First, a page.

Since you’re not in contact with most users when they’re arrive at your site, it can be challenging to assess these conditions.

However, asking yourself questions, like these, can give you some useful clues:

– Does analytics data show users were on their tablets devices, in the evening, suggesting users were comfortably lazing on their couch at home?

– Does analytics data indicate users were on their mobile device, using data, in the morning, suggesting they may have been commuting on a busy train on their way to work in the morning?

– Does analytics data show users were on their desktop devices around lunch hour, taking a break from work during their lunch period?

Understanding the environment and conditions under which your visitors come to your site is crucial.

There’s a big difference between users who are sitting at home, relaxing on their tablet, versus prospects on a loud train, commuting to work in a rushed, distracting environment.

The environment and conditions through which users are browsing your website may impact behavior on your site — and conversions of your entire website, including your forms.

To improve conversions, assess your users’ conditions and cater your forms accordingly.

For example, if you glean most of your audience is on mobile devices, browsing your site in the morning, using their data plans, you can assume they’re likely in a distracting environment and you don’t have their full attention. In this case, you might want to test the effect of presenting a “click to call” button, rather than a long, cumbersome form.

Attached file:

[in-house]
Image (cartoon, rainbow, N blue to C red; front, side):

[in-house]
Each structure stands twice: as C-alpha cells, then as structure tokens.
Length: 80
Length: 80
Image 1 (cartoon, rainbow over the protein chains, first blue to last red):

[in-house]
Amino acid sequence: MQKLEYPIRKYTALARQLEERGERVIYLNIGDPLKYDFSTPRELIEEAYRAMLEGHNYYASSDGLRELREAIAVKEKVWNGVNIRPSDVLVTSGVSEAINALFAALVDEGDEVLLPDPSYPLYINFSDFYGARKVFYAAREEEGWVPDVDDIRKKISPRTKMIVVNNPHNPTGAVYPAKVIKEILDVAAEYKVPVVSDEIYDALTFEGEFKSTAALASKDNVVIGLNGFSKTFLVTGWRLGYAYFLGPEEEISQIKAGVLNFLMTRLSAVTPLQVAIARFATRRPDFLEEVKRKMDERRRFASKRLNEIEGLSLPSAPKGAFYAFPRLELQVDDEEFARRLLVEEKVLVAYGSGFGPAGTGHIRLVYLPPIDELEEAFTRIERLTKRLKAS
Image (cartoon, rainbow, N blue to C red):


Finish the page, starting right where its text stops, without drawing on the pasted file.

Alternatively, if data shows most of your users are on their desktop computer in the evening, after 8 p.m., you can assume, they’re likely relaxed and comfortable and will take the time needed to fill out your form.

Assessing the path, environment, and conditions through which users arrive at your form will ensure you’re doing everything you can to break down the “wall” so you convert more users.

Hope you’ve found this insight useful and can immediately apply it to improve your own marketing performance.

 

At GuessTheTest.com, our aim is to help inform your digital marketing efforts with valuable and inspiring A/B tests and CRO tips, tricks, articles, and resources that help turn your ideas into profitable ones.

 

EXPERTS’ SECRETS SERIES

A Five-Part Series: What Works and Doesn’t With Registration Forms

By: Deborah O’Malley | July 26, 2018

You learned the #1 top secret for ensuring your forms convert: “breaking down the wall.”

Today, I’m going to share the second secret with you so you can immediately apply it to increase your own digital marketing success.

Secret #2: Follow The Path . . .

Here’s the next most important thing you need to do to ensure your forms convert well:

Understand Your Users’ Path, Environment & Conditions

To truly “break down the wall” you need to understand where your users are coming from — both figuratively and literally.

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Interesting insights about using analytics to construct form